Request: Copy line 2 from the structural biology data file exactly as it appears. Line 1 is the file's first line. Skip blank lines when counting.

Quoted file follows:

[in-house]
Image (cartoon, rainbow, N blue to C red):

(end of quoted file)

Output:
Image (cartoon, rainbow, N blue to C red):